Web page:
Edward Snowden, Democracy and NSA Spying

Edward Snowden, Democracy and Spying
Edward Snowden and the NSA

Did Edward Snowden risk everything, including his democracy, with his allegations of widespread spying techniques used by the NSA? Five billion records per day are tracked by the NSA from locations and cell phone use worldwide. According to Snowden documents, US and foreign cell phones are tracked.

This lets the United States Intelligence track individuals and their travels and/or relationships. A large database stores this information and, under new projects, the NSA created a system to analyze such data, and in their observation and use of tools, possess this surveillance for spying on anyone, at anytime.The NSA taps into cables which connect networks, and then they inherit this information ‘incidentally’.  It is not as though they are tracking you personally. They just happen upon it. What then? Data is collected from the millions of Americans traveling abroad.

US officials state such programs are lawful and their intentions are not to trace movements, and expose the people in any way or any hidden relationships they might have. The reason for collection of bulk records is for national security. Did Edward Snowden threaten our national security or democracy from his knowledge and inner workings of the NSA? Robert Litt oversees the NSA office and says no one is collecting information, intentionally, from cellphones in the US.

CO-TRAVELER, the most powerful analytical tool, allows the NSA to see if known intelligence targets meet up with unexpected targets, or unknown associates. This CO-TRAVELER is a global tool and the government tracks locations from business meetings, doctor visits, hotels and homes to other private spaces. According to Chris Soghoian, a technologist with the ACLU, says, “The laws of physics don’t let you keep it private.” He is referring to private locations when using cell phones. Edward Snowden documents may show details of intelligence activity.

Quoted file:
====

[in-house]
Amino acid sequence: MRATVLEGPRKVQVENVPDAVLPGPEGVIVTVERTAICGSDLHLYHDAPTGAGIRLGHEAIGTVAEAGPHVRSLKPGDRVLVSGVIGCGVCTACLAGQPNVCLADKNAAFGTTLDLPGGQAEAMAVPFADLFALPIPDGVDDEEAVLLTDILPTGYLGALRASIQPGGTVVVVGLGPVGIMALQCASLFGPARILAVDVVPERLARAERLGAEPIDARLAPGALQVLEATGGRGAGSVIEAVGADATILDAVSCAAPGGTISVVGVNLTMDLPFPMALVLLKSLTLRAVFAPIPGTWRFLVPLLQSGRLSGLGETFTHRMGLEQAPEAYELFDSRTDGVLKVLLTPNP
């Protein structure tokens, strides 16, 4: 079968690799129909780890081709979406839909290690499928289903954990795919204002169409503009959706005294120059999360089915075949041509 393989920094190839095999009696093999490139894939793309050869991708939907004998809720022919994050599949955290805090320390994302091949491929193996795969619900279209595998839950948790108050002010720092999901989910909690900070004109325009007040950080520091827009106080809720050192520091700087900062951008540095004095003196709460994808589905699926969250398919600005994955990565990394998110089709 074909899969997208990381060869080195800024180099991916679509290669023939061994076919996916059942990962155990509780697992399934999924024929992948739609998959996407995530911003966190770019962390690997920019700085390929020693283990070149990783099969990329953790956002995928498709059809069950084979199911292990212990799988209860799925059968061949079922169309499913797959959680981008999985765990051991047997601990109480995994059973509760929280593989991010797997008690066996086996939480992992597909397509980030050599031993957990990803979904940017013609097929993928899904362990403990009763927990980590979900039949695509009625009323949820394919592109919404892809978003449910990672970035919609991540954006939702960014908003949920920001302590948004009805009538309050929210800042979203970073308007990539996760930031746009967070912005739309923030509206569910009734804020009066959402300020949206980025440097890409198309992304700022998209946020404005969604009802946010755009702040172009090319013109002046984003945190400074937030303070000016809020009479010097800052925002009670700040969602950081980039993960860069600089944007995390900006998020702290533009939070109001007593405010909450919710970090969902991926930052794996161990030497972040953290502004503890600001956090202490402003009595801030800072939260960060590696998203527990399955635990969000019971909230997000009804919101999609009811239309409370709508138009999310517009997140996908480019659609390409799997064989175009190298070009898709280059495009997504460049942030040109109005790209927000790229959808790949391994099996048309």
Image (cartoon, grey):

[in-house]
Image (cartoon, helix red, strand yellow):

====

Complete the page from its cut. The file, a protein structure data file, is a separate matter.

The NSA doesn’t know what it might need, so it keeps all of it. A lawyer said, with NSA permission, that the agency wants outside US data and this data collected does not come under the 4th Amendment, which helps to protect Americans from unreasonable searches and seizures. The basics of these tools for analysis include date, time, and location of phones.

Words like BREW, ARTIFICE and WOLFPOINT describe data collection through telephone links. The cell tower is identified, letting the NSA know the cell phone’s location. The NSA has access to many carriers through roaming, in essence, more carriers are accessed, even though they don’t do business with them. The NSA describes the techniques for tracking as becoming more difficult when customers use two mobile carriers.

The CO-TRAVELER uses its smarts, so when anonymity is sought, either by disposables and switching, it can sense when a new number connects after another was used for the last time. Also, when phone devices are used near each other, such as travelers, this can then be determined to be a possible relationship.

Asylum is the word used to describe what Americans pursue when they violate the 100-year old Espionage Act. Russia gave Edward Snowden asylum and this is where he now resides. Obama’s administration has charged twice the amount of persons than all the previous administrations combined. The message from others charged with this crime don’t come back to the US. President Obama did campaign on – and pledged to the American people – a new era of government transparency. The Justice Department states it does not target whistle-blowers and that they cannot tolerate federal employees disclosing information to the media not intended or classified.

The Justice Department maintains the whistle-blower is not the owner of  information belonging to the government. Daniel Ellsburg, a military analyst and former whistle-blower – famous for exposing Pentagon Papers back in 1971 – has said, “I hope Snowden’s revelations will spark a movement to rescue our democracy, but he could not be part of that movement, had he stayed here.”

Snowden’s revelations of widespread espionage by the NSA has put him on Barbara Walters most fascinating list of 2013. She wanted him to be at the top of her list, she leaked out, but ABC news did not allow it.

Written by Kim Troike






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